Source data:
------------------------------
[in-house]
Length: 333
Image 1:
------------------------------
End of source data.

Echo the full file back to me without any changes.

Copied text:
[in-house]
Length: 333
Image 1: